Thaddeus Pope at Medical Futility Blog
reports on a conference that will be held on April 13:
FIVE BIG MYTHS OF ADVANCE CARE PLANNING AND HOW TO STAY ANCHORED IN REALITY
Sponsored by the ABA Health Law Section, the Senior Lawyers Division and the ABA Commission on Law and Aging
Tuesday, April 13 at 2:00-3:30pm Central
This complementary teleconference (and podcast will be posted here
afterwards) will address the five biggest myths that plague advance care planning and how to steer clear of them and make advance care planning more effective.
- People should use their state’s official advance directive form(s).
- Your advance directive should include as specific instructions as possible.
- Advance Directives are legally binding so doctors have to follow them.
- Doing everything possible for dad means keeping dad alive at all costs.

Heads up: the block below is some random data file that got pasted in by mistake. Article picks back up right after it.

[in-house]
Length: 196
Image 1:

- A written advance directive is better than talk.
Since the mid-1970s, health care advance directives have become the central legal tool to make sure one’s health care wishes are known in a formal way and, it is hoped, followed. However, clinical realities and the medical-social sciences literature over the last 30 years cast doubt on the effectiveness of advance directives. The reality is that directives are just a part of a process of advance care planning that requires more than just a form and a signature. Sometimes forms get in the way.
- Richard Payne, MD, Professor of Medicine and Divinity, Esther Colliflower Director, Duke Institute on Care at the End of Life, Duke University Divinity School
- Charles P. Sabatino, J.D., Director of the American Bar Association’s Commission on Law and Aging
Labels: advance directive, end of life planning, patients' rights